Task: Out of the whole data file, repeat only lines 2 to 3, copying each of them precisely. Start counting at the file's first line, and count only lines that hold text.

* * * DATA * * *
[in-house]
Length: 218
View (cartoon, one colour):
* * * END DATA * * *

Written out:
Length: 218
View (cartoon, one colour):